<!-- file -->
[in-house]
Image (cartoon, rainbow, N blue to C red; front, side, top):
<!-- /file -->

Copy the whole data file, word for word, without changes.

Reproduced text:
[in-house]
Image (cartoon, rainbow, N blue to C red; front, side, top):